Lansing Schools Make Extra Push For Count Day

By: Tiffany Teasley Email
By: Tiffany Teasley Email

The Lansing School District is hitting the streets, and working the phones.

"We're out here just simply trying to find kids that may have missed school," said Lansing Schools CFO, Venkat Saripalli.

"We're trying to check in with the legal parent or guardian just to say your child needs to be in school," said Isabella Rowan, Registrar at Everett High School.

They're not waiting for students to come to them they're going to students, all in effort to get students in class when it counts.

"Whether it's in the malls, or in parks, whether it's in recreation centers, we plant to visit," said Lansing Schools Superintendent, T.C. Wallace.

This week the district is launching "Your Child Matters," ahead of count day, they've hired 8 extra personnel for this week and next week -- one for every middle school and high school dedicated to drawing students into school.

"We have a list of no shows, which are students that have either not attended school since it began or are just skipping an hour here and there," Rowan said.

It's all about securing state funding.

"If they always skip 4th period after lunch, then they lose money that particular day," Rowan said.

"There's approximately an $8,000 amount that is generated for each student in attendance," Wallace said.

But it's not just about getting the kids to class on count day, once they're there, then the district has to make sure they stay put.

"It's not just a short-term effort, they matter all year long," Wallace said.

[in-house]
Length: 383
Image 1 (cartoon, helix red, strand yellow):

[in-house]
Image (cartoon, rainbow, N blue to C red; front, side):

75 percent of per pupil funding will be determined by attendance numbers on count day, the remaining 25 percent is determined at a second count day in February.

Should Schools Give Students Incentives To Show Up For Count Day?


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Comments are posted from viewers like you and do not always reflect the views of this station.
  • by Anonymous on Sep 29, 2009 at 12:35 AM
    it really is a case of hope and change and they took your hope and took your spare change and deal with it and quit whining you voted for this! I DID NOT!
  • by Anonymous on Sep 28, 2009 at 05:33 PM
    Why should you show up? First and foremost, so that you can potentially be a contender to someday be in a position to help fix some of the problems with how school's are funded. If you drop out, you are truly giving up on yourself and the future of others. I agree that it is disheartening to have our government basically saying that the kids aren't worth it. You are. Just make sure that you try to do the best you can, share the textbooks if you have to, and get yourself in a position where you can make changes. Don't forget though, it is also important to keep the infrastructure of schools safe and in good repair.
  • by K Location: Jackson on Sep 28, 2009 at 03:48 PM
    Why should we show up to school when evey day we turn on the news all it talks about is more school funding cuts. Finding that our classroom has very few text books and one has to be shared by three people. Then we see things online that schools are spending all the money on upgrades or repairs(JPSK12.ORG) instead of a few more class materials.
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